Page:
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Palm Beach housekeepers are making $150,000 a year due to massive demand from the wealthy

A version of this article first appeared in CNBC’s Inside Wealth newsletter with Robert Frank, a weekly guide to the high net worth investor and consumer. Sign up to receive future editions, straight to your inbox.

Housekeepers in Palm Beach and South Florida are cleaning up, with salaries often topping $150,000 and bidding wars between mansion owners becoming common, according to staffing companies.

The mass wealth migration to Florida from New York and other high-tax states has created record demand for household staff in elite Florida enclaves — especially Palm Beach. Demand for butlers (now called “hospitality managers” or “estate managers”) as well as nannies, chefs, drivers and personal security has surged, according to staffing agencies.

It’s the shortage of housekeepers, however, that has created the biggest mess for wealthy homeowners. Many of the wealthy emigres to Florida bought big homes and now need people to clean them. Hotels, resorts and businesses are also vying for cleaning staff. The result: Typical pay for housekeepers has rocketed from about $25 an hour in 2020 to $45 or $50 an hour today, according to some agencies.

“I have been placing staff for 30 years, and I’ve never seen anything like this,” said April Berube, founder of The Wellington Agency, which places household staff in Palm Beach, Miami, New York and other locations. “We’ve seen such a boom from people relocating, especially Palm Beach and Miami.”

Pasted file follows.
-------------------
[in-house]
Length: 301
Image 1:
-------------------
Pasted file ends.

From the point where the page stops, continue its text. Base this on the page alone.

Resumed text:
In Palm Beach, housekeepers with experience in wealthy homes are typically making between $120,000 and $150,000 a year, along with 401(k) plans, health care and benefits, including overtime.

“For housekeepers it’s wonderful,” Berube said. “For us it’s extremely difficult. It’s a severe shortage.”

Melissa Psitos, founder of Lily Pond Services, said she recently had a Florida client hoping to hire a housekeeper for $75,000 a year. They ended up paying $110,000, which was reasonable for the market. Executive housekeepers, who often help direct a staff of other housekeepers and laundresses, can make even more. Psitos said she knows one head housekeeper in Palm Beach who makes $250,000 a year, including overtime, and travels with the family to their various homes.

“There is just not enough supply,” she said.

Bidding wars between wealthy homeowners have become common. Staffing agencies are posting “Help Wanted” ads all over the web and throughout West Palm Beach. Clients are growing frustrated.

“At first they’re in shock, and they say, ‘No way I’m paying that,’” Berube said. “It’s even uncomfortable for me to give them the numbers. But when they try to hire someone for less, with less experience, they almost always come back to us and say, ‘I learned my lesson. We are willing to pay for the experience.’”

Berube said the housekeepers for the wealthy need highly specific skills — from how to move quietly and unnoticed throughout the house, to how to carefully clean antiques, flatware and fine art and how to properly wash and press fine linens.

“There are specific tools and skills you need to work in fine homes,” she said.

Berube said with so few qualified candidates, she’s thinking of launching a school to teach high-end housekeeping skills and generate more housekeepers.

“I would love to do it, but I don’t have the time, since we’re busy trying to find staff.”

Sign up to receive future editions of CNBC’s Inside Wealth newsletter with Robert Frank.

This post appeared first on NBC NEWS

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